Hispanic Heritage Month celebrates the contributions and influence of Hispanic Americans to the history, culture, and achievements for the United States. Hispanics have been a part of U.S. history since the very beginning. Today we are reflecting back on a selection of historic first Hispanics in public office in the United States that paved the way for future generations of Hispanic Americans.
First Hispanic Congressman Elected
On September 30, 1822, Joseph Marion Hernandez became the first Hispanic member of Congress, serving during the 17th Congress until March 3, 1823. (Florida became a territory in 1822.) A prominent plantation owner born in St. Augustine, Spanish Florida, Hernandez fought first for Spain to stop U.S. encroachment into the state, but later for the United States, eventually running unopposed and serving as Florida’s first territorial delegate. He later served in the U.S. military during the Second Seminole War and was Mayor of St. Augustine in 1848.
First Hispanic Senator Sworn in
Octaviano Ambrosio Larrazolo of New Mexico became the country’s first Hispanic Senator sworn in on December 7, 1928. The Republican attorney, born in Mexico, immigrated to the United States when he was a boy. He served one term as governor of New Mexico and later was elected twice to the state House of Representatives before running for the U.S. Senate.
Firsts in White House Cabinets
Born into a poor family of Mexican-Americans, Acosta became the first Hispanic Treasurer of the United States (1971–1974) and owner of a multimillion-dollar business, Ramona’s Mexican Food Products, Inc., headquartered in Gardena, California. She also co-founded the Pan American National Bank in East Los Angeles.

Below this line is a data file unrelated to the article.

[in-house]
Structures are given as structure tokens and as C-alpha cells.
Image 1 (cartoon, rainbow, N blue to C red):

On September. 21, 1988, Dr. Lauro Cavazos, a Texan, was sworn in by Vice President George H.W. Bush as Secretary of Education, making him the first Hispanic to serve in a presidential cabinet.
Then, on August 29, 1989, Cuban immigrant Ileana Ros-Lehtinen became the first Hispanic woman elected to Congress, later becoming the first woman to chair the House Foreign Affairs Committee. Over 30 years—15 terms—the Republican from Miami served in the Florida House and Senate before representing the state’s 110th District.
In 1990, Dr. Antonia Novello was appointed the first woman and first Hispanic U.S. Surgeon General.
On January 22, 1993, Federico Pena, who previously served as Denver’s first Hispanic Mayor, was confirmed by the Senate as U.S. Secretary of Transportation under the nomination of President Bill Clinton, making him the first Hispanic to hold the position. He also spent two years as the first Hispanic Secretary of Energy under Clinton, immediately followed in that role by another Hispanic, former New Mexico Gov. Bill Richardson.
First Hispanic Supreme Court Justice
Sonia Sotomayor became the first Hispanic Supreme Court Justice and the third woman to serve on the court on August 8, 2009. Raised in a housing project in the South Bronx, N.Y., she is the daughter of Puerto Rican parents and previously served on the board of directors for the Puerto Rican Legal Defense and Education Fund.
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